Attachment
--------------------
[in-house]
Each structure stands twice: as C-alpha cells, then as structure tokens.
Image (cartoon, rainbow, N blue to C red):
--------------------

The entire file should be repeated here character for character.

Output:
[in-house]
Each structure stands twice: as C-alpha cells, then as structure tokens.
Image (cartoon, rainbow, N blue to C red):